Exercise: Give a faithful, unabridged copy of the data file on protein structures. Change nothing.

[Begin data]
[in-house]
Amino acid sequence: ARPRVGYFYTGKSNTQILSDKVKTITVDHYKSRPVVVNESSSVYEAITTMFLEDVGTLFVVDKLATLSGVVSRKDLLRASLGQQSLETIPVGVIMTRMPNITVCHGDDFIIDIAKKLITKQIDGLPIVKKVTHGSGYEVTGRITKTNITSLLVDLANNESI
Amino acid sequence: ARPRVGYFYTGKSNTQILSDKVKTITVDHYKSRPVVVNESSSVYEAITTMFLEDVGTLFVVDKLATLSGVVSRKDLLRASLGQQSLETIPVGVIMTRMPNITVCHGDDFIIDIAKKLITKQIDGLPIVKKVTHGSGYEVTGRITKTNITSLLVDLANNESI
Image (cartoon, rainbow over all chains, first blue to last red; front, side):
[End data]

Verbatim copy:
[in-house]
Amino acid sequence: ARPRVGYFYTGKSNTQILSDKVKTITVDHYKSRPVVVNESSSVYEAITTMFLEDVGTLFVVDKLATLSGVVSRKDLLRASLGQQSLETIPVGVIMTRMPNITVCHGDDFIIDIAKKLITKQIDGLPIVKKVTHGSGYEVTGRITKTNITSLLVDLANNESI
Amino acid sequence: ARPRVGYFYTGKSNTQILSDKVKTITVDHYKSRPVVVNESSSVYEAITTMFLEDVGTLFVVDKLATLSGVVSRKDLLRASLGQQSLETIPVGVIMTRMPNITVCHGDDFIIDIAKKLITKQIDGLPIVKKVTHGSGYEVTGRITKTNITSLLVDLANNESI
Image (cartoon, rainbow over all chains, first blue to last red; front, side):